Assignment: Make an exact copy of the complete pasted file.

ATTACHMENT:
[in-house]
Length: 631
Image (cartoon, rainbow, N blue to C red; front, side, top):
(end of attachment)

[in-house]
Length: 631
Image (cartoon, rainbow, N blue to C red; front, side, top):